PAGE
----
Why Your Protein Shake is Adding Extra Pounds


So, you found a great meal plan. But it entails you blending up two or three smoothies a day and buying all the expensive powders to boot. The saying, "there can be too much of a good thing" doesn't stop short of healthy activities or eating. Our bodies need some of those mislabeled "bad" items from carbs to fats. That balance is what keeps the pounds off! Reading the labels and using the right amount of supplements will surely help you lose weight. But, if you are sipping your protein shakes and seeing adverse results, here are some reasons protein shakes could be wrong for you:

Some protein powders are highly processed: Some protein powders are heated to the point that the protein is denatured, which makes it very difficult for our bodies to recognize and use it. Protein powders are full of preservatives, GMOs and artificial flavoring.

You're making protein shakes your ONLY meal replacements: Many peoples' bodies have a hard time recognizing the liquid as a substantial form of food. Other people suck down protein shakes like they are a glass of milk. While studies support that the ingestion of protein can increase your metabolic rate over 30%, they also suggest the speed at which it is ingested can hinder the effect. The rapid assimilation of the shake (that is generally higher in calories) reduces that thermic effect. In fact, how your body deciphers hunger and thirst are two very different processes. According to Naturally Intense, thirst is quenched when your brain sends a signal that your blood and cell volume has increased, but hunger is regulated by signals from your stomach and intestines. Your stomach detects its wall stretching when it eats solid foods. That is how it sends satiety signals to your brain while your intestines release hormones to produce the full feeling.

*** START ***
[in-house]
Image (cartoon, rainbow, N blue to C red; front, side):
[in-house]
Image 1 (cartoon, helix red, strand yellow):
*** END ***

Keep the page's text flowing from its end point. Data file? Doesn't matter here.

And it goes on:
>> Read more: 12 Packaged Protein Products: What Not to Buy

(Photo: PB&J Protein Shake)

You aren't an avid athlete: Many of these plans are built around a fitness professional's lifestyle: long hours in the gym and a very strict schedule. Even if you run 3 miles each day, the protein powder may not be "worked off." Most shakes have an abundance of carbohydrates in them. They're also carrying loaded calories. You still have to work those calories off. Even if you are looking to increase muscle mass, you still may not benefit from juicing up your protein intake. In 2004 researchers "found that while athletes — especially those involved with sports that require a lot of endurance and muscle power, such as long-distance runners or football players — may benefit from increased protein intake, most athletes in the study get enough protein from their regular diets." (via FoxNews) According to the National Institutes of Health, even body builders only need a small amount of extra protein to increase muscle growth.


You are taking in too much protein: It's all about the balance. Eating too much protein and cutting out too many carbs can actually lead to serious heart problems. One study published in the British Medical Journal found that for every 20 fewer grams of carbohydrates that study participants ate daily, and 5 more grams of protein eaten daily, the risk of heart disease increased by 5 percent.

However, protein shakes in moderation and complemented with carbs and fats are not bad for you! In fact, we have our own favorite shakes and smoothies.